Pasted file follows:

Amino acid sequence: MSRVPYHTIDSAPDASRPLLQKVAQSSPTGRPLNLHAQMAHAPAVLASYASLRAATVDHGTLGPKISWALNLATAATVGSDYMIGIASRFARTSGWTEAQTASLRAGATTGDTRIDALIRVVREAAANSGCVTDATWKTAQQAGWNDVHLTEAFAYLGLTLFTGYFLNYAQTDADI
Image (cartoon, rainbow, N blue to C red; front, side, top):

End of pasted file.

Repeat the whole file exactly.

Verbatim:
Amino acid sequence: MSRVPYHTIDSAPDASRPLLQKVAQSSPTGRPLNLHAQMAHAPAVLASYASLRAATVDHGTLGPKISWALNLATAATVGSDYMIGIASRFARTSGWTEAQTASLRAGATTGDTRIDALIRVVREAAANSGCVTDATWKTAQQAGWNDVHLTEAFAYLGLTLFTGYFLNYAQTDADI
Image (cartoon, rainbow, N blue to C red; front, side, top):